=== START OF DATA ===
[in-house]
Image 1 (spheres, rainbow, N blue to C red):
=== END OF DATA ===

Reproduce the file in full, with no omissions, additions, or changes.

[in-house]
Image 1 (spheres, rainbow, N blue to C red):